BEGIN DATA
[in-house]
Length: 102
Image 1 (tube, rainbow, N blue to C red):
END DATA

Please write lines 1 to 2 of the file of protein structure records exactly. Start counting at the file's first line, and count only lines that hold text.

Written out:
[in-house]
Length: 102